On the other hand, having strict BeOS R5 compatibility as a goal and releasing R1 “when it’s ready” is great thing, it helps the developers concentrate on those wanted features and users, even the early adopters, will know that they are getting, stability of the API to work on apps etc. I also think it is essential to release R1 only when it is as bugfree and usable as possible.
On the other hand, the features and fixes that are promised to R2 and beyond and, if I remember correctly, there have been some talk on BeOS R5 design flaws that cannot be fixed until breaking R5 compatibility, are on indefinite hold. Sure, there have been improvements over BeOS R5, like wifi support, experimental bluetooth support, Stack & Tile, layout kit, notifications, 64 bit version, ongoing ARM port etc, but since Beta 1 there have been a feature freeze, so no new features are added until R1.
To solve this problem I think an experimental branch could be created to allow developers to add new features when they want to try new things, want to have a feature that is not in the goal of R1 or plan something post R1 that would break BeOS compatibility etc. That might even attract some new developers who are not familiar with BeOS but would like to work on a desktop operating system project. Some of these experimental features could be even backported to R1 or future betas provided they would not break compatibility and thus we might get some post R2 features on R1 too.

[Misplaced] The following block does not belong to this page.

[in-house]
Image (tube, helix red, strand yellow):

The feature freeze for betas is not all that strict and new things keep being added. Anyone can decide that a feature is too disruptive and work on it is a separate branch (I see no reason to put all the experimental features together in a single branch where you are never sure who broke what).
The developers are mainly focused on R1 and other changes that make the system better. We don’t have a lot of contributors and it seems better to focus on finishing R1 (already a lot of work) rather than split the team and have people working on things that are for an even further future?
Me neither, but having a post-R1 branch where some of the changes that cannot be implemented in R1 could be useful for having them in the open to ensure compatibility, or have developers who might have found a design flaw in BeOS R5 to test a possible fix to that until R1 is released and before forgetting the details.
Or some branch where a collection of more mature experimental features could be found without digging through developers personal github repositories.
I completly agree with that and dind’t mean to suggest splitting contributors to different teams. As I understand, devs work on what they want to work on, and sometimes they might be willing to work on Haiku but don’t feel like those tasks at hand that are needed for R1 release. Having those in the open might make those new features more compatible with R1. That might attract new developers who are interested working on post-R1 features without splitting the current teams.